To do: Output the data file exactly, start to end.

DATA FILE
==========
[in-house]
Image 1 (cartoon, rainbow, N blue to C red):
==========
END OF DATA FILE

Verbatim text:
[in-house]
Image 1 (cartoon, rainbow, N blue to C red):